Rose Marie Williams was convicted of cruelty to a child. She brings this appeal enumerating as error the trial court's rulings relating to her request for discovery pursuant to Code Ann. 27.1302.
The record discloses that the crime for which appellant was indicted occurred on October 6, 1980; that appellant was called for arraignment on November 7; and that prior to arraignment she had been free on bond. At her arraignment hearing appellant pled not guilty and counsel was appointed for her defense. On November 12 appellant filed inter alia a request for discovery of any and all statements she had made while in police custody which the state intended to utilize at trial. This motion was marked as granted by the trial court on November 17, 1980, the date of the trial.
The transcript shows that counsel for appellant called the trial court's attention to the statutory requirement that appellant receive a copy of any and all of her in-custody statements the state intended to use in its case at least 10 days prior to trial of the case; counsel stated that he had received the requested statement only three days prior to trial. Apparently treating this as a motion for continuance, the trial court denied the motion. The thrust of appellant's argument on appeal is that since she was without counsel at her arraignment (this being a critical stage in a criminal proceeding), the trial court erred in denying her the statutory 10 days with which to review the material supplied by the state pursuant to her discovery request.
Although the criminal discovery statute entitles a defendant to a copy of his or her in-custody statement at least 10 days prior to trial, the statute also provides that a defendant "may make this request in writing within any reasonable period of time prior to trial." Code Ann. 27-1302 (a). Failure of the state to comply with such a request timely filed shall result in the statement's exclusion and suppression from use at trial. Code Ann. 27-1302 (c). The statement in this case was delivered to appellant's counsel on November 14, three days prior to trial. The assistant district attorney stated that upon his receipt on November 12 of appellant's request for discovery he immediately called the detective who had the file in the case and requested that he make appellant a copy from the file. He further stated, "We could not find [appellant's counsel]; we had to try to get the police department to chase him down so he could pick up the file that we had produced." The trial court noted that although appellant had been free on bond prior to her arraignment, she did not notify the court that she needed a court-appointed attorney to represent her until the day of her arraignment on November 7.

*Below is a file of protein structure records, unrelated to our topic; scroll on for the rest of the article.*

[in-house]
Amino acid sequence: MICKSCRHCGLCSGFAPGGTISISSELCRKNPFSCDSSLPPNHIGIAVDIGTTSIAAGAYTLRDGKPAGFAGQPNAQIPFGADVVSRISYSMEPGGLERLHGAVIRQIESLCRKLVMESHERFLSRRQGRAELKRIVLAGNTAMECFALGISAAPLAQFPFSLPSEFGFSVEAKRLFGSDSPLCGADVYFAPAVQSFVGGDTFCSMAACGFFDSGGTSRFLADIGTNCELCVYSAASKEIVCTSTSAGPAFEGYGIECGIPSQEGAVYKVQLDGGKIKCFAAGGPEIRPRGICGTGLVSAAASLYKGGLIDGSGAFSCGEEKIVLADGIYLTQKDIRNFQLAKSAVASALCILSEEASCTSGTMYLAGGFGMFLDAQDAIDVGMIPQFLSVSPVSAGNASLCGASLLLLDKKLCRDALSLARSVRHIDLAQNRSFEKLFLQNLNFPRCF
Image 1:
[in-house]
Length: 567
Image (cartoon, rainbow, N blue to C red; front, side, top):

In our view, a person charged with a crime is well-advised to procure legal counsel at the earliest possible date; however, there is nothing in the record of this case which indicates that appellant, an indigent, was informed of her right to court-appointed counsel prior to the day of her arraignment. Counsel for appellant was appointed to this case on November 7 and filed the motion for discovery on November 12. Under the circumstances in this case we conclude that appellant's request for discovery under Code Ann. 27-1302 was timely filed. Even assuming appellant's counsel had been served a copy of her in-custody statement immediately following the request therefor, ten days would not have passed before the case was called for trial. Therefore, if the state intended to use appellant's in-custody statement at trial, the burden was on the state, not on appellant, to request a continuance pending compliance with the statute. Garner v. State, 159 Ga. App. 244 (1981)
In light of the foregoing discussion, the trial court erred in overruling appellant's motion to exclude and suppress her in-custody statement from the state's use at trial. However, the transcript shows that appellant testified in her own behalf, relating information nearly identical to that contained in her in-custody statement. Since testimony relating to appellant's statement was merely cumulative of the testimony she offered in her own behalf, any error in permitting the state to use her statement at trial was harmless. See Hall v. State, 243 Ga. 207 (1) (253 SE2d 160) (1979)
; Kerr v. State, 154 Ga. App. 470 (3) (268 SE2d 762) (1980)
Arthur E. Mallory III, District Attorney, Marc E. Acree, Assistant District Attorney, for appellee.